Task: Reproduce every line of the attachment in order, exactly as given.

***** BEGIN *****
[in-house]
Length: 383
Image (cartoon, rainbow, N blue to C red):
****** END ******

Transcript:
[in-house]
Length: 383
Image (cartoon, rainbow, N blue to C red):